How To Find Your Purpose In Life And Why Life Is More Than A Big Job

Don’t let your days, weeks or months go by without setting new goals.

I had already made quite an impression when my parents decided they would “tame” me. I came home every day from early childhood classes and my first day of kindergarten, with the full and undisciplined confidence that people could easily tell I wasn’t going to be around very long. The fact that I was still an infant by her second birthday, in any case, made me the “tamed one.” It was a good thing; I was already feeling self-assured. Then, two years later, I would enter fifth grade and all my friends (now teens) all seemed to have their own passions, interests and ambitions. We were also all starting to feel self-assured. In fifth grade, I was able to find my passion for math and, eventually, a job as an editor of a high school newspaper: my life’s purpose.

I didn’t have any “big goals,” but I did have my “small, big and little goals.” My little goals were always a mix of personal satisfaction, professional interest and personal advancement. Because even by those terms I was ambitious, self-motivated, resourceful and determined. But I’d always made a point of getting out of bed on time. I’d always made time for my schoolwork.

            I was in the ninth grade when I finally started thinking of my life in terms of “big, short, and long,” and then I was in the middle of my sophomore year and I felt I already had “small goals” that took up a majority of my attention. I figured out that I didn’t need to set myself huge goals to accomplish a lot. I only needed to set goals in the proper order:

“I want to take this year to learn more about business, because I’ve never really thought about it much and it’s something I’m pretty passionate about,” “I want to become a better writer because it’s something I’m trying to learn,” “I want to go to college and get a business degree,” “I want to take over my dad’s construction company and take care of him for the rest of his life so I make more money, because for the first time in my life I want to learn about real stuff,” “I want to write a novel,” and “I want to start a music label.”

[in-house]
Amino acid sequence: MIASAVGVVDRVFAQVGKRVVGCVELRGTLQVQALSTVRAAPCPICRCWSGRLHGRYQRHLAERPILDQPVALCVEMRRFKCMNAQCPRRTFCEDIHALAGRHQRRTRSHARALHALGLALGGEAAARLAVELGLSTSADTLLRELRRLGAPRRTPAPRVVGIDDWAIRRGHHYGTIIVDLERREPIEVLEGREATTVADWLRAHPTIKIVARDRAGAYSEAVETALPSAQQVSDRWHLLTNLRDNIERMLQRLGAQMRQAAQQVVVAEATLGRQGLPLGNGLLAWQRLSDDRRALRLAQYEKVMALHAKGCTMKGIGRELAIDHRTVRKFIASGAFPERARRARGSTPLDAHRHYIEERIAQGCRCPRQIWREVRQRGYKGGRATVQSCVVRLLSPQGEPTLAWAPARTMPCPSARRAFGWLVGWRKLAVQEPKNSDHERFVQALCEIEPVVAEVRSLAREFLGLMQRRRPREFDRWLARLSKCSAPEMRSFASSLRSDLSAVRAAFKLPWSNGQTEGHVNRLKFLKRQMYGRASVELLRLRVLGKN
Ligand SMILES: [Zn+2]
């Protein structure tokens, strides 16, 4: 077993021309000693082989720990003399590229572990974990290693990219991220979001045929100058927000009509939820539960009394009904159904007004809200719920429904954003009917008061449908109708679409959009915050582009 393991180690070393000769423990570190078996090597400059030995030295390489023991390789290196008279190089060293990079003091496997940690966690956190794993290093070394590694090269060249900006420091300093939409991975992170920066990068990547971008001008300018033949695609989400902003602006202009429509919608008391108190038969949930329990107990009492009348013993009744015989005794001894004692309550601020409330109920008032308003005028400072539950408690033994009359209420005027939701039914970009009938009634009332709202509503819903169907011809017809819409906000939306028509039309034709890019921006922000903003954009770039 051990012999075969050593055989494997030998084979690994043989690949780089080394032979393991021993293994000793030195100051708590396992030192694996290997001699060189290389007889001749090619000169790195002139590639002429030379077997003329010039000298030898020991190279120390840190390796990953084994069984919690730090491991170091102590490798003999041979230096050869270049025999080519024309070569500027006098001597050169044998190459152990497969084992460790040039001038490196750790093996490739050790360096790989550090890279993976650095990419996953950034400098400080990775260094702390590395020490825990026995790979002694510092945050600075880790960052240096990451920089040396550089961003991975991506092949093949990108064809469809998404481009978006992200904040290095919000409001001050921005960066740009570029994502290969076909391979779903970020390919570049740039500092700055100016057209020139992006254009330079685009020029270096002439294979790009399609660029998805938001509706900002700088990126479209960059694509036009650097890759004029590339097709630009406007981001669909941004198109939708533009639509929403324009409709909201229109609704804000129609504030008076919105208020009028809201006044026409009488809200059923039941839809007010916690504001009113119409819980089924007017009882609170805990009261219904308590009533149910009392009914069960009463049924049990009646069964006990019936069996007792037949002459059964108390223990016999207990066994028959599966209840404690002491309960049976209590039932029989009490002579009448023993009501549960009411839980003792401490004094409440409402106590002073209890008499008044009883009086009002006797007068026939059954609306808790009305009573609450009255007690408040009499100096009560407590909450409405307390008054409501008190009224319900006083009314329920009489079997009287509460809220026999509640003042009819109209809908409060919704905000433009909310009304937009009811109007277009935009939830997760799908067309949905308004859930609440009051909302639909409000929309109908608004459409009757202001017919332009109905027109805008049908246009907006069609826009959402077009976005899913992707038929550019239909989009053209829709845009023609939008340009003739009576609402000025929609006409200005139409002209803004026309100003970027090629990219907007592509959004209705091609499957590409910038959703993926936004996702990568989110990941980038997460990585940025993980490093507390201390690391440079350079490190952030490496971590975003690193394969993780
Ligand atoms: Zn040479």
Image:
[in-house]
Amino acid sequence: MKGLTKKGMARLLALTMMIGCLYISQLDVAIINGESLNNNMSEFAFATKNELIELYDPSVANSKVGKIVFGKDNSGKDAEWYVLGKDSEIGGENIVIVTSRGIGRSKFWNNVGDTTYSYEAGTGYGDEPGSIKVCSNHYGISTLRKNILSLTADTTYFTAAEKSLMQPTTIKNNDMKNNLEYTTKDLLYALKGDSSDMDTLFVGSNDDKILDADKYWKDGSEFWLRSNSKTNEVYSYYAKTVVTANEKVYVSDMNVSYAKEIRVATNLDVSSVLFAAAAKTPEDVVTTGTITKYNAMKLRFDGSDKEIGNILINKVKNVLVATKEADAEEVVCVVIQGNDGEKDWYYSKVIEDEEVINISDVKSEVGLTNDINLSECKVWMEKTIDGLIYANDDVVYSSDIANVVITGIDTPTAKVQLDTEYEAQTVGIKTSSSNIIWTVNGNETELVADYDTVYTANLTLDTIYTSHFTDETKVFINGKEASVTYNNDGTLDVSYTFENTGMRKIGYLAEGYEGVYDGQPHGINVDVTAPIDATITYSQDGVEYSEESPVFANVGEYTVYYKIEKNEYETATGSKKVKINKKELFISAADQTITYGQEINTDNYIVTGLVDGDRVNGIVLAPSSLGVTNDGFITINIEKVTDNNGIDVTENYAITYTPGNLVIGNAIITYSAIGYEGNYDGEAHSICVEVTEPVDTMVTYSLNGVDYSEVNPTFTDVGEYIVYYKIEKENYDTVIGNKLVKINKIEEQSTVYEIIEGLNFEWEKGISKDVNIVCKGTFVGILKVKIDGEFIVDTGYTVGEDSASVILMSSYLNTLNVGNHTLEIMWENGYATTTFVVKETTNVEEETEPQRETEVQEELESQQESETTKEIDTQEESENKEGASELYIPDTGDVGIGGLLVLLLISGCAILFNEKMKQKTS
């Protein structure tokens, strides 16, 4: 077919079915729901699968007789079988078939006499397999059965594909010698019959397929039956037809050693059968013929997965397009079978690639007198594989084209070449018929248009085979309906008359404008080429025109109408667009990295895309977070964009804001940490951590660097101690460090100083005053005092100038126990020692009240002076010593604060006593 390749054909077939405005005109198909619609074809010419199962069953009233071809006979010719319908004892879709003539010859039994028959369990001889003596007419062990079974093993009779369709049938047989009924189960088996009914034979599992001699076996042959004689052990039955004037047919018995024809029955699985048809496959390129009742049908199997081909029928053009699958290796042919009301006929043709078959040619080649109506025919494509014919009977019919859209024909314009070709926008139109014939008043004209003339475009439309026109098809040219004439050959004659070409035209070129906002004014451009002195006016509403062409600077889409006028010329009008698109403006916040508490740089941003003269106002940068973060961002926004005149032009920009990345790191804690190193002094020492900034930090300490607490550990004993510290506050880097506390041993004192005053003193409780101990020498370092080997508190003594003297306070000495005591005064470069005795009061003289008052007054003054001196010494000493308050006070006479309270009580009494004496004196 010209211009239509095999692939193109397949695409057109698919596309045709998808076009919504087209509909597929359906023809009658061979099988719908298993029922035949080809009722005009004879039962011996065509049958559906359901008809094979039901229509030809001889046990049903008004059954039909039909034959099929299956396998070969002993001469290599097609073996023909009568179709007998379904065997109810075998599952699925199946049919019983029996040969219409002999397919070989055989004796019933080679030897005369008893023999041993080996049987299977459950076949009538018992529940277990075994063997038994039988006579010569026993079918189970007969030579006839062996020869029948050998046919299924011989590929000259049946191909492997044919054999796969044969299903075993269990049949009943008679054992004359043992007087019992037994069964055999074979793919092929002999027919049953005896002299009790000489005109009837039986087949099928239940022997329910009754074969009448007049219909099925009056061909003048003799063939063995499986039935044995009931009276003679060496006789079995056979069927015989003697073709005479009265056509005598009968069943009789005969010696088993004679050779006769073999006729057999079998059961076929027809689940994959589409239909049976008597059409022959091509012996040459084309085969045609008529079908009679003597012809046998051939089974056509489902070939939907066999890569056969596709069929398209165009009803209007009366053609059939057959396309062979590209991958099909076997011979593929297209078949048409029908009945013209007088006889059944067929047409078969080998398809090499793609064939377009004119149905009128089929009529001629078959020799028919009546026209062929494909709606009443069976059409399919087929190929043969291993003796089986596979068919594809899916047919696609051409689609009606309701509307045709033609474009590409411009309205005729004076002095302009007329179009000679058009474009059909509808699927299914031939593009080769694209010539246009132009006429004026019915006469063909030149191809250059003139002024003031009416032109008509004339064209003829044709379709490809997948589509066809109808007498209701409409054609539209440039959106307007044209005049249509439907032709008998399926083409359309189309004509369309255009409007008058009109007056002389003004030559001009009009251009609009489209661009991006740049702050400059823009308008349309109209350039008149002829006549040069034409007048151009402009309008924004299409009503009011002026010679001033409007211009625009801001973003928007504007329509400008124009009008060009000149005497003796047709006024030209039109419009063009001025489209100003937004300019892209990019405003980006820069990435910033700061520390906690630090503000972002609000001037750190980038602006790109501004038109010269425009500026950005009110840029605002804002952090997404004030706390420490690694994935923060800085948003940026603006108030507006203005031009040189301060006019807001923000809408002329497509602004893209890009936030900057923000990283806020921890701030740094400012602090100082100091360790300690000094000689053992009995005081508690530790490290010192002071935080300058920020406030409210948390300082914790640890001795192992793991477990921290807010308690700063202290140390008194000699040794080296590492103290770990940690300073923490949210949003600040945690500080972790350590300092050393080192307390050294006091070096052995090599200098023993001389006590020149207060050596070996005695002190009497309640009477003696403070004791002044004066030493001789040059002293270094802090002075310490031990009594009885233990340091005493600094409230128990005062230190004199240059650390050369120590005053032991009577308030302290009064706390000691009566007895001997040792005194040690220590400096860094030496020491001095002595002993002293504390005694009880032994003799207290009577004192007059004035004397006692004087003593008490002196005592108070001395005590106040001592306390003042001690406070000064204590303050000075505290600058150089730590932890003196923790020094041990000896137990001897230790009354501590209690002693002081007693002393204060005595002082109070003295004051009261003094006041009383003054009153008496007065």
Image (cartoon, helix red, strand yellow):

I didn’t know if I had really thought about these things, or if I had just given myself the opportunity to work on them. I didn’t know if they were “big” or “small” as I’d described them above. I just felt I had to reach them.

            Then I took a job as an editor at a big local newspaper and I learned that writing was an art form that takes effort, so I needed to work harder. I needed to work smarter. I needed to learn how to write better and be more consistent, because it was becoming increasingly more difficult to write my articles. So, by the time I was twenty-three, I had a job—and some confidence—that I could work at any time.

            I’ve had a pretty good life ever since. I started in a field of high demand but I’ve also been lucky to find a great boss that made me feel comfortable enough to do my work and be as creative as I wanted to be. I was able to make things happen for my family by pursuing my dreams but I was also able to make things happen for myself. Sometimes, it’s easier to start something than to finish it. So for me, I think my life has been more about big goals that can’t be done today, that don’t bring me a great deal of satisfaction today, that may someday not be worth the effort. But every day, for me, it has been about putting my head down and keeping going.

            I guess part of the reason I found myself looking for a new career in film-making and directing was because my friends all had their own.